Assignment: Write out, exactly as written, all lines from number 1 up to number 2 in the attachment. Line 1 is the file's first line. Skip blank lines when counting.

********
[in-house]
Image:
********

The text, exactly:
[in-house]
Image: